|US5322075||Sep 10, 1992||Jun 21, 1994||Philip Morris Incorporated||Heater for an electric flavor-generating article|
|US5357984||Apr 2, 1992||Oct 25, 1994||R. J. Reynolds Tobacco Company||Method of forming an electrochemical heat source|
|US5400969||Sep 20, 1993||Mar 28, 1995||Keene; Christopher M.||Liquid vaporizer and diffuser|
|US5402517||Apr 29, 1992||Mar 28, 1995||Reckitt & Colman Products Limited||Apparatus for emitting a volatile chemical agent by heating and means for adjusting a spacing between a heater and the chemical agent to regulate the rate of vaporization|
|US5408574||Mar 23, 1993||Apr 18, 1995||Philip Morris Incorporated||Flat ceramic heater having discrete heating zones|
|US5456247||Aug 26, 1993||Oct 10, 1995||Iowa State University Research Foundation, Inc.||Method for delivering drugs soluble in a vaporization vehicle|
|US5479948||Aug 10, 1993||Jan 2, 1996||Philip Morris Incorporated||Electrical smoking article having continuous tobacco flavor web and flavor cassette therefor|
|US5505214||Sep 11, 1992||Apr 9, 1996||Philip Morris Incorporated||Electrical smoking article and method for making same|
|US5537507||Sep 28, 1994||Jul 16, 1996||Advanced Ceramics Corporation||Coated flash evaporator heater|
|US5538020||Jun 22, 1994||Jul 23, 1996||R. J. Reynolds Tobacco Company||Two metallic agents capable of interacting electrochemically with one another when contacted by an aqueous electrolyte solution|
|US5565148||Mar 16, 1995||Oct 15, 1996||Minnesota Mining And Manufacturing Company||Device for selectively providing a multiplicity of aromas|
|US5577156||Apr 24, 1995||Nov 19, 1996||Costello; Bernard J.||Device for heating and vaporizing a vaporizable module|
|US5591409||Aug 15, 1995||Jan 7, 1997||Watkins; Carl J.||Providing aromas|
|US5593792||Jun 25, 1993||Jan 14, 1997||R. J. Reynolds Tobacco Company||Electrochemical heat source|
|US5613504||May 24, 1995||Mar 25, 1997||Philip Morris Incorporated||Flavor generating article and method for making same|
|US5613505||Apr 8, 1994||Mar 25, 1997||Philip Morris Incorporated||Inductive heating systems for smoking articles|
|US5666977||Dec 23, 1994||Sep 16, 1997||Philip Morris Incorporated||Electrical smoking article using liquid tobacco flavor medium delivery system|
|US5735263||Apr 15, 1996||Apr 7, 1998||Aradigm Corporation||Lockout device for controlled release of drug from patient-activated dispenser|
|US5819756||Aug 17, 1994||Oct 13, 1998||Mielordt; Sven||Smoking or inhalation device|
|US5865185||May 24, 1995||Feb 2, 1999||Philip Morris Incorporated||Smoking article|
|US5904900||Apr 25, 1996||May 18, 1999||Etat Francais As Represented By Le Delegue General Pour L'armement||Device for sampling gaseous substances, liquids, aerosols or even powdered materials for in situ analysis|
|US6004516||Aug 6, 1997||Dec 21, 1999||Illinois Institute Of Technology||Apparatus for generating odor upon electronic signal demand|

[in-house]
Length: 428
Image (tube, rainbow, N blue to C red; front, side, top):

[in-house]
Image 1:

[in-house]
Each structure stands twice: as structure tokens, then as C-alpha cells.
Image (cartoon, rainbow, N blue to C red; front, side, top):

|US6053176||Feb 23, 1999||Apr 25, 2000||Philip Morris Incorporated||Heater and method for efficiently generating an aerosol from an indexing substrate|
|US6071152 *||Apr 22, 1998||Jun 6, 2000||Molex Incorporated||Electrical connector with inserted terminals|
|US6085026||Jun 19, 1996||Jul 4, 2000||Reckitt Benckiser Inc.||Electrically heated vapor dispensing apparatus|
|US6095153||Jun 19, 1998||Aug 1, 2000||Kessler; Stephen B.||Vaporization of volatile materials|
|US6102036||Jul 30, 1998||Aug 15, 2000||Smoke-Stop||Breath activated inhaler|
|US6131570||Jun 30, 1998||Oct 17, 2000||Aradigm Corporation||Temperature controlling device for aerosol drug delivery|
|US6155268||Jul 23, 1998||Dec 5, 2000||Japan Tobacco Inc.||Flavor-generating device|
|US6158431||Feb 13, 1998||Dec 12, 2000||Tsi Incorporated||Portable systems and methods for delivery of therapeutic material to the pulmonary system|
|US6178969||Jul 21, 1999||Jan 30, 2001||Brown & Williamson Tobacco Corporation||Aerosol delivery smoking article|
|US6234167||Oct 14, 1998||May 22, 2001||Chrysalis Technologies, Incorporated||Aerosol generator and methods of making and using an aerosol generator|
|US6250301||Aug 28, 1997||Jun 26, 2001||Hortal Harm B.V.||Vaporizer for inhalation and method for extraction of active ingredients from a crude natural product or other matrix|
|US6263872||Oct 16, 2000||Jul 24, 2001||Aradigm Corporation||Temperature controlling device for aerosol drug delivery|
|US6309986||May 7, 1999||Oct 30, 2001||S. C. Johnson & Son, Inc.||Mat for dispensing volatile materials|
|US6312296 *||Jun 20, 2000||Nov 6, 2001||Hon Hai Precision Ind. Co., Ltd.||Electrical connector having enhanced retention of contacts in a housing|
|US6325475||Apr 21, 1997||Dec 4, 2001||Microfab Technologies Inc.||Devices for presenting airborne materials to the nose|
|US6328033||Jun 4, 1999||Dec 11, 2001||Zohar Avrahami||Powder inhaler|
|US6390453||Apr 30, 2001||May 21, 2002||Microfab Technologies, Inc.||Method and apparatus for delivery of fragrances and vapors to the nose|
|US6491233||Dec 22, 2000||Dec 10, 2002||Chrysalis Technologies Incorporated||Vapor driven aerosol generator and method of use thereof|
|US6501052||Dec 22, 2000||Dec 31, 2002||Chrysalis Technologies Incorporated||Aerosol generator having multiple heating zones and methods of use thereof|
|US6516796||Jan 7, 2000||Feb 11, 2003||Chrysalis Technologies Incorporated||Aerosol generator and methods of making and using an aerosol generator|
|US6526969||Jun 7, 2001||Mar 4, 2003||Microdrug Ag||Method and device for releasing powder|